LBC Members: Ashok (will return shortly), Conrad, Gaelikaa, Helen, Judy, Magpie 11, Maria, Marianna, & Ramana are all Heroes in my eyes. I join along with them as we turn our thoughts to Heroes, the topic chosen for us this week by Magpie 11.
My first thoughts were to take a box of sweets and find a Hero to match each variety. This would involve thoughtful tasting while considering the talents and gifts of family and friends. The fact that all but one were milk chocolate, something that I must refrain from eating, I changed direction and went in search of inspiration somewhere else.
Mary my father’s eldest sister is the person who fostered my love of a needle. She taught me to crochet and to read a sewing pattern properly. I had lessons on her old treadle sewing machine and she helped me to make a dress for the very first time. To this day I still see it in my minds eye. Being the early sixties it was A-Line, sleeveless, fully lined and had two fringed patch pockets on the front. Auntie Mary was a teacher and had a love for her craft and passed on her knowledge with love and gentle dedication. I have never forgotten anything that she taught me.
A young lady full of hopes and dreams in the photo above taken in 1919, was all too soon to taste sorrow and sadness. Having trained as a teacher she then married at 24 and within four years was left a widow with two young children. She once again embraced the world of the classroom, teaching for many years in a two teacher school in the heart of the country. Her early years of widowhood were difficult with little money for the necessities never mind luxuries.
When her family moved to Dublin and College she joined them finding work in an inner city school. It was a very different environment from the one she had left. Most of the young ladies were the daughters of street traders and their aim in life was to leave school on the day they reached fourteen, it was the legal age to leave school at that time. Back then it was also the legal age for a young girl to marry. Marriage and ‘Babbies’ (babies) were all those girls wanted. In fact it was not unknown for a young girl to arrive in school with a baby in her arms. On asking the for the reason, my aunt was informed “Me mammy had to go to the market, and I was left to mind the babbie”. My aunt turned these occasions into lessons on Life skills!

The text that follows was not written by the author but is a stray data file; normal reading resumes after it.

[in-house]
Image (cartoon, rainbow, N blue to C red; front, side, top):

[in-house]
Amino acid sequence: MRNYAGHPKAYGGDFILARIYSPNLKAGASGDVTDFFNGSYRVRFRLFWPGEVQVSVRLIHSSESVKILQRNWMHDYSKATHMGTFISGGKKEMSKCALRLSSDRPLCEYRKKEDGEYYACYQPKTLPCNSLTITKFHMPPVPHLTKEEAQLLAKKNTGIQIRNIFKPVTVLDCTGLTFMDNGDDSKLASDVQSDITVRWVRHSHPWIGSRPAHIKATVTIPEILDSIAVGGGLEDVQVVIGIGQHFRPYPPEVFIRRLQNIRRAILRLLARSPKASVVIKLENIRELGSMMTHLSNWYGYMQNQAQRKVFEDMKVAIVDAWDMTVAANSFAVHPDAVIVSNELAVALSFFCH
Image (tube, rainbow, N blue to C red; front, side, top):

Daddy who was only eight when the photo above was taken, was very helpful to his sister over the years. Once in Dublin she became a regular visitor to our home and table. She regularly sought his advice. She eventually moved to a school a few miles from us and bought a house in the locality of the school. She loved the place and the children and worked on for many years past retirement. Her class in those years was of 40 children; and I remember at one time another teacher was on sick leave for several weeks, My aunt took care and taught both classes (80 children) for the duration! What teacher would do that nowadays?
I loved to visit her house, yes, me who hated school! She had school projects everywhere and patiently showed them to me. Once she was on the topic of school she forgot everything else, food seemed unnecessary, as she worked on items for display to her pupils. I loved how her long elegant fingers seemed to caress fabrics for our sewing. With each visit there was something new to learn, and she was generous with her knowledge. I wished that she could have been my teacher.
She always adorned her dress with a brightly coloured scarf or a sparkly brooch. One day I remarked on the fact. She told me the reasoning behind it. They were a tactic to hold the children’s attention. If she felt that some of the children were drifting away from the subject, she simply moved across the room and the bright colours in the scarf or the light playing on the brooch soon brought the focus back to her.
At her funeral it was wonderful to see so many of her past pupils turn out to pay their respects. Auntie Mary was a Hero for all those children too!